Like most schools our ICT Infrastructure includes use of a network , using log ins and passwords to enable students to access their particular drive spaces.
This was a problematic process for some of my students, for a number of reasons. As a school we had established a system of class log ins, rather than individual students drive spaces. This means that children share a drive space per class, and in addition I inherited a system, where drive spaces were allocated to year groups, rather than classes, and so as classes changed every year so did their log ins. The first thing I did was to change this protocol, enabling the log ins and therefore drive spaces to move with each class, as they progress through the school. Recycling drive spaces used by Year 6 students in their final year, for use by the new year 1 students in the new academic year. This has had immediate benefits, in developing use of the network for children this year since they were already able to log in.
In addition to this however experience told me that students once logged in frequently had difficulty in finding their personal folders, and in organising their work. As a staff we also had difficulties due to the previous network protocol in managing assessment, since students work would be distributed about the network according to which class they had been in in previous years. My solution to this has been to create a common home drive structure fo each class. This may seem complex, and potentially long drawn out but was actually easier than it sounds ... Honestly. The benifits far out weigh the work that went into this anyway. Using the pictorial representation of a folder most children from year 2, and all from year 3 to year 6 are now able to find their home drive and personal folder, and to save and open files from these. We also now have a potential individual portfolio of evidence for each child from their current year to the end of the primary stage, through the introduction of "cascade Saving" to these. where children have been taught to save drafts with original file names and numbers to represent the save time, and draft version of the file. This hopefully will enable review of progression through tasks and units of work.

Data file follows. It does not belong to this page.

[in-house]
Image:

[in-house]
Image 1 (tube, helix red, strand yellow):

Creating the Folder Structure
Create a new folder called class home drive structure. Inside this Create one new folder called student_1. Inside this create one year group folder called year_one, and inside this create 6 new folders named for each term or half term. Return to student folder, and copy and paste this 6 times renaming each for the year groups who use your network, ie yr_1, Yr_2 etc.
Return to the drive structure folder and copy and paste each folder, renaming as student_2, student_3 etc. I made 36 folders in all.
Carry out a google search for "icons," choose images you like or that you think will appeal to the students you work with. Mine were Sesame Street, Disney and other cartoon characters. I created an "icons" folder in the shared documents folder on my computer, and then copied the icons I had chosen to this folder.
Open the Class home drive structure folder, and with each student folder you made, left click and then click properties. Now click on the customize tab and then the change icon button. Next browse for the icon folder you made, and choose the picture you would like to be shown for the folder, and click ok until you return to the folder view. Repeat this process for each folder, using a different icon for each.
Copy your Icons Folder and Class home Drive Structure to a portable storage device, eg a floppy disc or a flash drive, for transportation to school. In school log on as each class individually, use select all to copy the folders inside the home drive folder, to the class shared space. Copy the icon folder to the shared documents folder on the computer's c:\ drive. Copying the icons folder is a laborious task, and the longest part of this solution, as this has to be done on each individual machine.
Alternative to the above, would be to ask your technician or managed service provider to do this. They should not have any difficulties, in achieveing this on your behalf.
Once the drive structures and Icons were in place, during an ICT session each child was asked to choose their image, and the folder was renamed for them. There is something about this process which has enabled and supported the learning of how to save and open files. So far this term it has been perhaps the most successful implementation I have made, since it cuts down on the support needed even for some of my special needs students to work with network drive spaces. My research work seems to reflect that repetitive action is one of the means by which we learn and aquire new ICT skills, perhaps the repetition of a standardised saving and opening process has been key to the success of this implimentation.